The interrogator sends a pair of pulses, the DME transponder sends back identical pulses after a fixed delay of 50 μs for X channels, 56 μs for Y channels. The interrogator is able to determine the distance from the round-trip time.
The pulses go by pairs spaced by 12 μs for X channels, 36 μs for Y channels.
Rectangular signals generate an infinity of harmonics in their spectrum. To limit the bandwidth to the channel width (1 MHz) a sinc-like shaper is used.
Pulses are not modulated if we except the shaper, it's only CW.
Pulse train with jitter for correlation
The principle is the interrogator repeats pulse pairs at some rate and the transponder replies with the same spacing. The interrogator slightly varies its rate (random jitter) in order to be able to correlate the reply train with its own train and determine the round-trip time, hence the range.
Interrogation rates are:
Faster when trying to correlate the transponder train (about 130 pp/s). The window for correlation is defined by the maximum range of the DME.
Slower when correlated (about 25 pp/s). The window for correlation is defined by the current range of the interrogator and the velocity vector.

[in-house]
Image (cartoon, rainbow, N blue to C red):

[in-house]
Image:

A 6-second memory is used if the correlation is lost (extrapolating or not the last known value with the aircraft velocity vector)
When there is only a few interrogations, the transponder still maintains a rate of reply pairs of about 2700 pp/s by inserting dummy (squitter) pairs, in order to allow interrogators to identify it and adjust the gain of their receiver.
ID pulses are added every 30/40 s, this is done by using a pulse pairs train at 100 μs spacing to key the Morse signs at 1350 Hz (740 μs spacing).
TACAN / VORTAC DME
In a TACAN the DME reply pairs from the transponder are also used for bearing determination. A rotating directional radiation pattern is used, either using a rotating antenna or a circular phased array.
The pattern rotation rate is 15 Hz, and a ripple is added at 135 Hz for a more accurate bearing determination. The signal strength variation creates at the receiver, like in the conventional VOR, an AM envelope. The apparent modulation index is about 0.2, but is actually dependent on antenna used, it's the result of the minimum and maximum gain in the radiation pattern.
North reference bursts (NRB, 15 Hz) and Auxiliary reference bursts (ARB, 135 Hz) are added to indicate when the rotating pattern has the 15 Hz and 135 Hz maximums facing North.
The composite signal sent, for an X channel is:
The envelope created by the rotating field can be detected by the receiver to extract the 15 Hz and 135 Hz components and determine their phases using NRB and ARB (135 Hz ripple removed for clarity):
For a separate DME (not part of a TACAN, e.g. VOR-DME) there is no rotating antenna, no NRB/ARB, the signal amplitude is constant.
DME specifications can be found in ICAO Annex 10, volume 1, at §3.5, in particular the shape of the pulses (e.g. rise/fall times).
You can get more technical elements in Test of DME/TACAN Transponders, an application note from R&S.
See also: How does TACAN work? (last section).